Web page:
Picture for a moment the 80s. Personal computers were only available to a select few, the web didn’t exist, and the early internet was for gaming and other obscure (at the time) pursuits. Engineers weren’t cool. A file still lived in a cabinet. While digital technology was on the periphery of society, early internet adopters laid the groundwork for the world as we know it today.

Many of these digital innovators have since stepped aside, letting younger generations take over with multi-billion dollar smartphone apps and global social networks. One of these early adopters just so happens to be my dad, Ken Milbrath.

As a young entrepreneur, my dad saw the growth of personal computing as a great opportunity. In 1986, the same year I was born, my dad turned the nascent internet into a thriving business, providing the first access in Victoria, BC. He had hundreds of customers dialing-in to his Bulletin Board System (BBS), the precursor to the web and social media networks, where users could share files, play games, and chat over shared interests among the online community. But, once leading the charge alongside hundreds of small community-based Internet Service Providers (ISPs), my dad is almost entirely offline today.

I, on the other hand, am a digital native and a member of Generation AO or “always on.” Because my dad is one of the internet’s early adopters, I asked him to share his insights on what he knew then, that we’ve perhaps since forgotten. Here’s what he said:

1. Human Desire to Connect Drives Innovation

“Social media is just a new description for that basic human desire to connect. Bringing groups of people together will continue to drive future applications.”

The very first Unix kernel was shaped to support our human desire for social interaction. The few dispersed Unix programmers out there wanted to connect and play games with each other. This desire to connect lead to the TCP/IP protocol where data flows in two directions, forming the basis of the internet, web, email, texting, and social media today.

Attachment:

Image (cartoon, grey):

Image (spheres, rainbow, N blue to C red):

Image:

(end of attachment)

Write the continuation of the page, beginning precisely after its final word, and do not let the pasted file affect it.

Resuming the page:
“My business started as a BBS where users with modems connected to the BBS in order to interact with each other. Groups of like-minded people would discuss, chat, play games. Once the BBS’s figured out how to connect with each other over FidoNet, a precursor to the Net, these “global villages” or online communities just took off.”

2. Everything in Moderation

If you’re downloading apps to block blue light for sleeping better, this is probably for you. Find a happy balance between your time online and off.

“I’m an old school guy, moderation for the nation. While it’s very exciting to see new technology and new applications, the direction we’ve gone has its good and bad points. To me, being ‘always on’ is extreme. I don’t use Facebook or Twitter. My time is too important to add more distractions. I think the pendulum will swing back to a more balanced approach to life.”

While my dad practices moderation and knowing when to “turn off,” he makes sure that his time spent online is productive. Unlike many of us, who tend to linger online and in apps all day, he allots part of his day to handle business online – and then turns off. Our CEO Ryan Holmes recently wrote a LinkedIn article on how moderation and breaks help prevent burnout and increases productivity. Taking all of this into consideration, everyone has some variation of a work life balance. For me, scheduling social messages, going mobile (but silent), and making time for downtime is key.

3. Never Lose the Startup Spirit

Community based ISPs of the past, like entrepreneurial businesses today, were the necessary movers and shakers in technology that disrupted the status quo. Businesses of any size that preserve this startup mentality strive toward innovation, excellence, and progress.

“When you were one of our customers and had a problem, you called us up. We’d even pop over. Soon the telcos realized that small community based ISPs were making money off their business phone lines. They introduced a new charge, Data. This drove a lot of small ISPs out of business. When telcos introduced their own connection services, it wasn’t hard to see the writing on the wall. Today, power is centralized.”

Net neutrality over who has access and who “owns” the internet has been an ongoing debate since the beginning. Much like turning on a faucet today, we don’t always think of the infrastructure, entrepreneurs and businesses it takes to produce a commodity. From this insight there’s a pearl of wisdom: Our experience online today formed organically. Over the last several decades, businesses built upon businesses; entrepreneurs learned from the successes and failures of others. Staying agile and innovative is where fast growth and progress stem from.

Life online has changed a lot since my dad bought his first 1200 baud modems, but there are some things the internet’s pioneers understood in 1986 that are just as true today.